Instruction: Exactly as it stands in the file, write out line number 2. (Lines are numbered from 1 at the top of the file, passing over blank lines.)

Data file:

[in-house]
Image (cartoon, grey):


Image (cartoon, grey):